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Mrs. Kelly, legendary Rock Hill lady barber, dies

On Rock Hill’s South Wilson Street, there is – and always was as long as anybody can remember – at least one or two barber shops.

And for many of those decades, tucked into the middle of a building next-door to the legendary Minute Grill, was one of the places where little black boys, hand-in-hand with fathers and grandfathers, got their first haircuts.

The name of the barber, always, was Kelly.

But unlike most barbershops, at Kelly’s, the barber was a woman.

Mrs. Kelly. Period.

Mary Kelly, possibly the first woman barber ever in Rock Hill, and certainly one of the most enduring, died Sunday after an illness. She was 74.

“She cut my hair and my father’s hair and my son’s hair,” said Manie Leroy Dye Jr., standing in front of Kelly’s Barber & Beauty Wednesday.

“She cut mine, too – when I had hair to cut,” laughed a guy named Massey.

The boys turned into men – and fathers and grandfathers – and still Kelly’s was where the hair was cut. Even after Mary Kelly remarried late in life and became Mary Gist, and her name changed legally, she was always Mrs. Kelly, barber.

“She cut my hair forever,” said Roy Barber, a grandfather many times over. “Mrs. Kelly always cut hair.

For whom? Barber was asked.

“Everybody,” he said.

One of the barbers at Jazzy Cuts in the Minute Grill building said he got his first haircut from Mrs. Kelly in the same chair he uses to cut hair now, so many decades later.

Even the preacher who will give the eulogy Saturday, the Rev. Donnie Dye, whose father, Manie Leroy Dye had his hair cut by Mrs. Kelly so many times, started getting haircuts with Mrs. Kelly.

“First time she cut my hair, first time I sat in her chair, I was 3 years old,” Donnie Dye said. “People went in there and came back for years, then decades. She touched lives and kept on touching lives as long as she cut hair and helped people who wanted to do the right thing in life.”

Back so long ago – when the old black business district on Rock Hill’s Black Street was the commercial and social center for the then-segregated city – that teenage girl with the maiden name Mary Barber started barbering.

She cut hair right down from the old Mills service station, until moving a couple of blocks south to Wilson Street. She stayed there for more than 30 years.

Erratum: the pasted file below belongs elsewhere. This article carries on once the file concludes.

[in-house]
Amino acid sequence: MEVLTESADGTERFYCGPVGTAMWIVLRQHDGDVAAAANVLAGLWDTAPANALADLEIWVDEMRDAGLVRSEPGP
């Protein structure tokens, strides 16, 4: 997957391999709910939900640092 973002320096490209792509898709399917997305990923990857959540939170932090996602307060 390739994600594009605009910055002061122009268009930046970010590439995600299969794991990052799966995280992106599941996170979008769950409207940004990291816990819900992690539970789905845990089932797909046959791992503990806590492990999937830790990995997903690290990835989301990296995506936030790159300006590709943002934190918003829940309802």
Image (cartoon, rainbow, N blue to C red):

“I grew up in her shop,” said daughter, Deitrice McCrorey, who later became a beautician herself. Which is important, because Mary Kelly was not a beautician.

Mary Kelly, Mrs. Kelly, was a barber.

“I was in a walker, learning to walk, yes, in her barbershop,” said granddaughter Chelsea Good.

The shop was not just a place for haircuts, but a social center where problems could be solved, crises averted, joys shared. A baby was not born without Mrs. Kelly knowing. A marriage had to be noted from her barber chair as well as by any preacher and church.

At the South Wilson Street spot, Mrs. Kelly was all things to all people.

She was social worker for people in a bind, preacher to those needing spiritual guidance. She suffered no foolishness, either. When crime and drugs started to seep into the South Wilson Street neighborhood back in the 1980s, Mrs. Kelly would rush outside with her broom and shoo people away.

Mrs. Kelly would call somebody’s momma, or the law, in a minute.

There was no bad language in her shop. There was no fighting. Certainly, there was banter, talk. A good, old-fashioned argument/discussion without malice was a staple. Any news in the city had to be chewed on, rolled over, decided in that barbershop.

And through all the years, the constant was Mrs. Kelly, master barber.

“She is our pioneer,” said Karen Shabazz, who owns a barber and styling college at the corner of Black and Wilson streets to this day. “She was an inspiration to me. Mrs. Kelly always encouraged me, and others, to succeed.”

When haircuts cost a dollar, she gave a good haircut. When a haircut cost more, she gave a quality haircut.

When a barber contest was started in Rock Hill a decade ago, as part of Black History Month, one of the judges had to be, and certainly was, Mary Kelly.

Only when her health failed, family said, did Mrs. Kelly give up the scissors and clippers, about four years ago after a short stretch at a shop off Ebenezer Road.

“She said her whole life that cutting hair was her life,” daughter Deitrice McCrorey said.

But Donnie Dye, the pastor whose hair was cut by Mrs. Kelly, said her life was about more than haircuts. Mary Kelly the barber was not elected to any office. She was not rich.

“She was a legend, though,” said Donnie Dye. “She didn’t just live Rock Hill’s history. She was part of it. She made Rock Hill a better place. Mrs. Kelly helped people and loved people and cared for people.

“That is some legacy.”

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